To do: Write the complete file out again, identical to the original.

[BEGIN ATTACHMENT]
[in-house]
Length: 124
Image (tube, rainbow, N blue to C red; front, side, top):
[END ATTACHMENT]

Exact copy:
[in-house]
Length: 124
Image (tube, rainbow, N blue to C red; front, side, top):